MPRE.

Lameen Souag at Jabal al-Lughat has a post about a language hitherto unknown to me (and almost everyone):

A tantalizingly brief note of 1931 in the Gold Coast Review describes an ethnic group called the Mpre, found only in the village of Butie in central Ghana (8° 52′ N, 1° 15′ W) near the confluence of the White and Black Voltas, apart from a few emigrants in Debre. According to the author’s description, the Mpre people, once more widespread, were reduced to a single village in the course of comparatively recent wars with the Asante. Noting that their language was “different to that of the surrounding tribes”, he lists 106 words of Mpre. This short vocabulary appears to be the only existing record of the language, which is believed to be extinct. The gap is all the more unfortunate because Mpre turns out to be of some taxonomic significance. It is not closely related to any of its neighbors, and Heine and Nurse (2000) treat it as unclassified. A friend of mine’s paper dealing partly with this will be appearing sometime soonish, but I won’t spoil the surprise.
You might think, given all this, that it was impossible to retrieve any information on its grammar. However, you would be wrong! Fellow language geeks may find it an interesting exercise to try their hand at extracting grammar information from the wordlist, which Blench gives a copy of [actually he says they're "available from the author at r.blench@odi.org.uk"], before reading on…

You can go to Lameen’s post for the details; Wikipedia has a brief article on Mpre, with citations.

Comments

  1. Thanks for that. Just thought you might like to know that Wikipedia is now inaccessible to those of us who are in China as it has been blocked by the Chinese government.

  2. I’m sure it’s for your own good, loyal worker!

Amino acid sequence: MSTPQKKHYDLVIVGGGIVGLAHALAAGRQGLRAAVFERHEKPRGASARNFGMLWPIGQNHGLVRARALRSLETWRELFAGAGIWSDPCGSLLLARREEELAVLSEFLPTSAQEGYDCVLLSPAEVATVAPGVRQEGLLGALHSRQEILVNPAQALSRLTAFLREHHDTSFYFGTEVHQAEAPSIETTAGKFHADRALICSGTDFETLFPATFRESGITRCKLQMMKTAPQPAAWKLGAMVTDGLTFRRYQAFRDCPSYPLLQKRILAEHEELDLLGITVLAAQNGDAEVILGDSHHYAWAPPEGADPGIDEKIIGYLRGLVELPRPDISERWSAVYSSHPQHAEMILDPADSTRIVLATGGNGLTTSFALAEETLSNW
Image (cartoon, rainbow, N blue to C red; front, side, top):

3. Here’s the Wiki article for ya, bathrobe!
    Mpre language
    From Wikipedia, the free encyclopedia.
    Mpre is a language spoken or once spoken in the village of Butie (8°52? N 1°15? W) in Ghana, near the confluence of the Black and White Voltas. It is known only from a 70-word list given in a 1931 article. It bears no close resemblance to its neighbours; it may be a Niger-Congo language, or a language isolate.
    Painter (1967) briefly states that “?p??? has died” and that the ethnic group (“the Nnyamase-mpr?”) have “become Nnyamase-Gonja”; he appears to regard it as having been a dialect of Gonja.
    Bibliography
    Cardinall, A.W. 1931. “A survival”. Gold Coast Review, V,1:193-197.
    Painter, Colin. 1967. “The Distribution of Guang in Ghana, and a Statistical Pre-Testing on Twenty-Five Idiolects,” The Journal of West African Languages, Vol. 4, No. 1, Cambridge University Press, Ibadan, pp. 25-78.
    External link
    Blench, Roger (1999) Recent Field Work in Ghana: Report on Dompo and a note on Mpre. (http://homepage.ntlworld.com/roger_blench/Language%20data/Dompo%20and%20Mpre.pdf)

  4. Thanks!

  5. I was wondering if you could assist me? I need a site or reference point to find common linguistic challenges for someone originally from Greece but speaking American English.

Speak Your Mind

*